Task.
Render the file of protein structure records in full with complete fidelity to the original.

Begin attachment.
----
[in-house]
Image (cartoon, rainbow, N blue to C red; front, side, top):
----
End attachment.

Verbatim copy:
[in-house]
Image (cartoon, rainbow, N blue to C red; front, side, top):